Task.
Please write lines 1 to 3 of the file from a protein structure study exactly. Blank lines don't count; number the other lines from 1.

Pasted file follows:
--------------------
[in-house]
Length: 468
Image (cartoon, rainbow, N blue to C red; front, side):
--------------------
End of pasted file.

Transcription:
[in-house]
Length: 468
Image (cartoon, rainbow, N blue to C red; front, side):